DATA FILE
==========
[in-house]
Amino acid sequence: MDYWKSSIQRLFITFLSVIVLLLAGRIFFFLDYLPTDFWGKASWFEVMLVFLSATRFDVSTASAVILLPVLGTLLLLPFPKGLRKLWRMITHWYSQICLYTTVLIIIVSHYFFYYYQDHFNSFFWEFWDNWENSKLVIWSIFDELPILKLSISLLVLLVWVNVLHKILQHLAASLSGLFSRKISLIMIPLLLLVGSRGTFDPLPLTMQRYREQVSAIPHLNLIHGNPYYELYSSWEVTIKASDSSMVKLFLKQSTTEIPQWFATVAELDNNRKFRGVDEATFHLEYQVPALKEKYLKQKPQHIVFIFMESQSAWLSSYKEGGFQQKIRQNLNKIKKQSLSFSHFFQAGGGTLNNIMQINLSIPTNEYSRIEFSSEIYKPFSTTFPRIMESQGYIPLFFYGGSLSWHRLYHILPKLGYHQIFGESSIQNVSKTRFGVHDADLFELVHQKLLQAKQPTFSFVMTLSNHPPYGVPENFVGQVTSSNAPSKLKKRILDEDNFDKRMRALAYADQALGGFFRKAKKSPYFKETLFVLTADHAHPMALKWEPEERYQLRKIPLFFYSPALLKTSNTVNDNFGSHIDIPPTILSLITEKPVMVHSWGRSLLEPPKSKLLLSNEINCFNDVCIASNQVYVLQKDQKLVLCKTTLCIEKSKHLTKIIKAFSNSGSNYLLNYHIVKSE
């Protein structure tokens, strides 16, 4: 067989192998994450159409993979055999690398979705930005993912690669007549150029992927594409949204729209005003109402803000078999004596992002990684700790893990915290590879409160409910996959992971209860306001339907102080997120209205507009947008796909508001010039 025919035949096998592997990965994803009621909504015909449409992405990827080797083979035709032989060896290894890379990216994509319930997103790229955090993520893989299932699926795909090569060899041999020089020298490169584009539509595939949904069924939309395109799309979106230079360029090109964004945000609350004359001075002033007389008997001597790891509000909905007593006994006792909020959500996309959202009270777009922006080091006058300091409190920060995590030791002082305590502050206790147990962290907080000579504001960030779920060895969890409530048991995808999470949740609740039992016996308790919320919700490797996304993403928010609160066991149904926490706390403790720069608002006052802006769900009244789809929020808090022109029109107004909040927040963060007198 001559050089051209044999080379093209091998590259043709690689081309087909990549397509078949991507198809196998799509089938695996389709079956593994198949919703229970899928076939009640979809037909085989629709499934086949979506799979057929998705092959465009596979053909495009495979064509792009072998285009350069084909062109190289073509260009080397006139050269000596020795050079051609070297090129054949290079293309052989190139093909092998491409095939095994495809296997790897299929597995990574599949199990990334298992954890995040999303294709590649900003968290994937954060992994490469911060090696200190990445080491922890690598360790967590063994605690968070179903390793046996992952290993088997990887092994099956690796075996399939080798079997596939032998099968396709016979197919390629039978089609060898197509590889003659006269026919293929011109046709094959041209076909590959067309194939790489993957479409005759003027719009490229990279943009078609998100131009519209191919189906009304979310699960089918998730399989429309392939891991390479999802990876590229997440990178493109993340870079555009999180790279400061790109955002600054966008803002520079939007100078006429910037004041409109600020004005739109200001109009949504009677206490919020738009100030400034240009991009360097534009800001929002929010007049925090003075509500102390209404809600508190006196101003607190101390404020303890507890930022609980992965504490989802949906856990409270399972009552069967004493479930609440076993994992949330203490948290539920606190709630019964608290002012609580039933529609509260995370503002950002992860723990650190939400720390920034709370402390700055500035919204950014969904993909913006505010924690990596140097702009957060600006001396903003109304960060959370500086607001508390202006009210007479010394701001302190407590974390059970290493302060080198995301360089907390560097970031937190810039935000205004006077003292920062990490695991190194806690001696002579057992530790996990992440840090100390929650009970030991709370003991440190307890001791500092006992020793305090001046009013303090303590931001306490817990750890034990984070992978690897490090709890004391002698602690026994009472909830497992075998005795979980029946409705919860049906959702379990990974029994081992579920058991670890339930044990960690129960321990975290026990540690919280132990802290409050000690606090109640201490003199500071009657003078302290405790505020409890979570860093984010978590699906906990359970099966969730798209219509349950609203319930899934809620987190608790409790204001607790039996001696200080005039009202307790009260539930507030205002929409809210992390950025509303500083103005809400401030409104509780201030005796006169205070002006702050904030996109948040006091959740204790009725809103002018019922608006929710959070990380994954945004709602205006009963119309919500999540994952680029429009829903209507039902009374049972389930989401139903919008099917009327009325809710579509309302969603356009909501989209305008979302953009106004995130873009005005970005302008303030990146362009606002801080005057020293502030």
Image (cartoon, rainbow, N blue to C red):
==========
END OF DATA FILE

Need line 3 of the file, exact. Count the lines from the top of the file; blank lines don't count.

């Protein structure tokens, strides 16, 4: 067989192998994450159409993979055999690398979705930005993912690669007549150029992927594409949204729209005003109402803000078999004596992002990684700790893990915290590879409160409910996959992971209860306001339907102080997120209205507009947008796909508001010039 025919035949096998592997990965994803009621909504015909449409992405990827080797083979035709032989060896290894890379990216994509319930997103790229955090993520893989299932699926795909090569060899041999020089020298490169584009539509595939949904069924939309395109799309979106230079360029090109964004945000609350004359001075002033007389008997001597790891509000909905007593006994006792909020959500996309959202009270777009922006080091006058300091409190920060995590030791002082305590502050206790147990962290907080000579504001960030779920060895969890409530048991995808999470949740609740039992016996308790919320919700490797996304993403928010609160066991149904926490706390403790720069608002006052802006769900009244789809929020808090022109029109107004909040927040963060007198 001559050089051209044999080379093209091998590259043709690689081309087909990549397509078949991507198809196998799509089938695996389709079956593994198949919703229970899928076939009640979809037909085989629709499934086949979506799979057929998705092959465009596979053909495009495979064509792009072998285009350069084909062109190289073509260009080397006139050269000596020795050079051609070297090129054949290079293309052989190139093909092998491409095939095994495809296997790897299929597995990574599949199990990334298992954890995040999303294709590649900003968290994937954060992994490469911060090696200190990445080491922890690598360790967590063994605690968070179903390793046996992952290993088997990887092994099956690796075996399939080798079997596939032998099968396709016979197919390629039978089609060898197509590889003659006269026919293929011109046709094959041209076909590959067309194939790489993957479409005759003027719009490229990279943009078609998100131009519209191919189906009304979310699960089918998730399989429309392939891991390479999802990876590229997440990178493109993340870079555009999180790279400061790109955002600054966008803002520079939007100078006429910037004041409109600020004005739109200001109009949504009677206490919020738009100030400034240009991009360097534009800001929002929010007049925090003075509500102390209404809600508190006196101003607190101390404020303890507890930022609980992965504490989802949906856990409270399972009552069967004493479930609440076993994992949330203490948290539920606190709630019964608290002012609580039933529609509260995370503002950002992860723990650190939400720390920034709370402390700055500035919204950014969904993909913006505010924690990596140097702009957060600006001396903003109304960060959370500086607001508390202006009210007479010394701001302190407590974390059970290493302060080198995301360089907390560097970031937190810039935000205004006077003292920062990490695991190194806690001696002579057992530790996990992440840090100390929650009970030991709370003991440190307890001791500092006992020793305090001046009013303090303590931001306490817990750890034990984070992978690897490090709890004391002698602690026994009472909830497992075998005795979980029946409705919860049906959702379990990974029994081992579920058991670890339930044990960690129960321990975290026990540690919280132990802290409050000690606090109640201490003199500071009657003078302290405790505020409890979570860093984010978590699906906990359970099966969730798209219509349950609203319930899934809620987190608790409790204001607790039996001696200080005039009202307790009260539930507030205002929409809210992390950025509303500083103005809400401030409104509780201030005796006169205070002006702050904030996109948040006091959740204790009725809103002018019922608006929710959070990380994954945004709602205006009963119309919500999540994952680029429009829903209507039902009374049972389930989401139903919008099917009327009325809710579509309302969603356009909501989209305008979302953009106004995130873009005005970005302008303030990146362009606002801080005057020293502030």